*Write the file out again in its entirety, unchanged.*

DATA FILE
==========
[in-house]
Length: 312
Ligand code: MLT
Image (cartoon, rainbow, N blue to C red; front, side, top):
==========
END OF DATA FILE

[in-house]
Length: 312
Ligand code: MLT
Image (cartoon, rainbow, N blue to C red; front, side, top):